From GAGAN To A Safe Landing, India's Homegrown Aviation Upgrade
GAGAN has been jointly developed by ISRO and AAI.
A private pilot explains the GAGAN system and why it's a milestone for Indian aviation.
GAGAN, short for GPS-aided GEO-augmented navigation, is a precise navigation system designed and developed in India for aircraft, particularly during the critical landing phase.
Recently, an IndiGo aircraft used this indigenous system to land safely. "For the first time in the history of the Indian aviation industry, IndiGo has successfully completed an LPV (Localizer Performance with Vertical Guidance) approach on its ATR aircraft using the indigenous Gagan Satellite to land..." in Rajasthan, the airline tweeted.
This is a significant milestone in Indian aviation. It will pave the way for the development of aviation at the second- and third-tier airports in the country, enabling landings in poor visibility.
As a private pilot flying small planes, I more than appreciate the help provided by GAGAN.
The global positioning system (GPS) is the preferred navigation system around the world, both on the ground and in the air.
We routinely use, for instance, the "Maps" application on our smartphones to navigate the maze of streets and highways on the ground to reach our destination. While the Maps application relies on local cell phone towers, standalone GPS receivers receive signals directly from the GPS satellites circling the earth.
Based on the received signals, calculations are made to determine where on Earth we are at any point in time. Knowing where the destination is, combined with the massive location databases that technology giants like Google and Apple have, a calculation is made on how to get to the destination.
Aircraft use similar concepts to navigate. The aviation GPS receiver is different from the Maps application. It receives the same signals directly from a GPS satellite since the aircraft cannot access cell towers most of the time. In addition, it has an in-built database of all the airports, their locations, the runways, radio frequencies for communication, and so on.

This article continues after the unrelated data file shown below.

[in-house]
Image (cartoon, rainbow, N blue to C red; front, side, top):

This navigation is good for most part of the flight — from take-off to cruise to approach and then to landing. But not the landing itself, which, undoubtedly, is the most important and risk-prone phase of flying.
Weather is a major determinant in flying. Visibility and winds are the two most important factors. In low or close to no visibility, pilots use the instrument landing system (ILS) to land a plane safely. They do not see the runway until it's about half a kilometre away and they are about 100-200 metres above ground. To enable landing at such a time, there is expensive equipment costing millions of dollars on the ground, making up the ILS.
The ILS transmits two very precise radio signals to the aircraft — one for lateral guidance and another for vertical guidance. There is a receiver on the plane that receives these two signals and shows up as a crosshair of a vertical line and a horizontal line. As long as the plane is flown precisely centering these two lines, the plane is safe and is gliding down on an imaginary slide. If either of these lines is off-centre and the runway is not visible, the plane is in trouble.